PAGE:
Trout Leap to Freedom in Incredibe Escape
The Daily Mail
Alresford, Hampshire, UK
By NICK McDERMOTT
Down on the fish farm, workers could not understand why the number of brown trout had suddenly taken a dive. But close observation revealed the reason - an aquatic version of the Great Escape. The resourceful fish are leaping 3ft out of the water and into an eight-inch pipe which brings fresh water into the farm near Alresford, Hampshire.
Following their instincts the trout, cousins of the Atlantic salmon, then swim against the flow for 30ft before finding freedom at the other end as they plop into a tributary of the River Itchen. Simon Johnson, director of the Wild Trout Trust, said: "Brown trout do have migratory tendencies and swim upstream, especially in November and December. "The water coming down from the pipe is oxygenating the pond and this could be kicking in their natural instincts. "They might well think it is a waterfall and are trying to head up it to find a place to spawn." The Escape Committee were caught in the act by wildlife photographer Dennis Bright, 59. A farm worker said: "It is remarkable how they manage to jump so high and through such a small pipe. "We run a low-intensity farm and like to let nature thrive so we don't net our ponds. As a result we lose up to 40 per cent of our stock to predators every year. To see us losing more fish through pipes that are designed to help them is a bit of a blow. But to be honest, if I were them I would be trying to escape too. Good luck to 'em." Wildlife photographer Dennis Bright, 59, captured the amazing aerobatic fish earlier this week. He said: "It was an incredible sight. "Swimming against the current is instinctive for trout as they head up stream to spawn but they are doing a remarkable job getting through that pipe. "They are jumping for freedom in large volumes but sadly I think their fate will be less than happy - there are otter, herons and many other predators feeding from the stream. "I imagine the trout are quite stressed in the ponds because it is a free-for-all for predators. "When birds come along the fish don't stand a chance."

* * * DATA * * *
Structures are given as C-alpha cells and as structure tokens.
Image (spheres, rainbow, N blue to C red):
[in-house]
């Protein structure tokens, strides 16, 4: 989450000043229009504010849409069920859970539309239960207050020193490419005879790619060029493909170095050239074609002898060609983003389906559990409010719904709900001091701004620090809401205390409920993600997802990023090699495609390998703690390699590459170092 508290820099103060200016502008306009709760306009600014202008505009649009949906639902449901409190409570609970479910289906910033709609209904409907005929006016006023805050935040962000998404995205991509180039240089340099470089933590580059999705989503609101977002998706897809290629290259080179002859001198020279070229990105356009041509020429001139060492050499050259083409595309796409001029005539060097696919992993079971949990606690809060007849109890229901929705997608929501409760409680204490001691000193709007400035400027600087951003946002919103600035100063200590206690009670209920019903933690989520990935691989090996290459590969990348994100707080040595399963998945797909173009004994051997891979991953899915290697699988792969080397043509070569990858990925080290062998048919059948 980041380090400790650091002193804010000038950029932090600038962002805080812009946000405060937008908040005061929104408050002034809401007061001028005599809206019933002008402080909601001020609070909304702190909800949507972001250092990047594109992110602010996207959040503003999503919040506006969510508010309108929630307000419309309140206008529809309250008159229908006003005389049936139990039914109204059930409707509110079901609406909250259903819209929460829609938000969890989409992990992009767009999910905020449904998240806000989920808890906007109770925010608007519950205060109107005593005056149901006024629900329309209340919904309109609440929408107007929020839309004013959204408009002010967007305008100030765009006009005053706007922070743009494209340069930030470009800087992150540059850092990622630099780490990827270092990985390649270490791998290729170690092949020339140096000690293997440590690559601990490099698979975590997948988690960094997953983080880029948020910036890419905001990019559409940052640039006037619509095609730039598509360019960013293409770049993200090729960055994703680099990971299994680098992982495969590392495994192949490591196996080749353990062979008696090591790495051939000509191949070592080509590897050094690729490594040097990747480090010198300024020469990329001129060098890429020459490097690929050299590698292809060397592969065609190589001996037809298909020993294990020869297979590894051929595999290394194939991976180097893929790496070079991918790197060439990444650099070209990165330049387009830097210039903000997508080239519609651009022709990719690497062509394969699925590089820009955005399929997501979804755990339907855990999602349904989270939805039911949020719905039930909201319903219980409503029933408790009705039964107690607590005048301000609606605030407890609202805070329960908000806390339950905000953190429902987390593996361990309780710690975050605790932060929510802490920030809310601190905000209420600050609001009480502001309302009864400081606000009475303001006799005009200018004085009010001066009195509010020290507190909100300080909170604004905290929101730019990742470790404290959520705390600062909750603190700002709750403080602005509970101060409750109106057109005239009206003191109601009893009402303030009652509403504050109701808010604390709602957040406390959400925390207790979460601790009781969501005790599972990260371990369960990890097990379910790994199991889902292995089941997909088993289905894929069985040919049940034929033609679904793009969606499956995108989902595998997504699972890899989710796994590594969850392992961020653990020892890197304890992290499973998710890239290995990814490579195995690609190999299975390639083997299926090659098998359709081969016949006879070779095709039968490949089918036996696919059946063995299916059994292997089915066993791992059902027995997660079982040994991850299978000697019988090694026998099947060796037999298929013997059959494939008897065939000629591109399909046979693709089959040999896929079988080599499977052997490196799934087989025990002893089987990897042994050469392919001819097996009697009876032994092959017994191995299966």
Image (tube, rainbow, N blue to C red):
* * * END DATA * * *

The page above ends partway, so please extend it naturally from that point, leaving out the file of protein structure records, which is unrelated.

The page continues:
The Brown Trout (Salmo trutta) belongs to the Salmonidae family which includes the Atlantic salmon. It is a medium sized fish, growing to 20 kg or more in some localities although in many smaller rivers a mature weight of 1 kg (2 lb) or less is common. They prefer cold (15.5-18.3 C), well-oxygenated upland waters, especially large streams in mountainous areas. Their diet includes invertebrates from the streambed, small fish, frogs, and insects flying near the water's surface.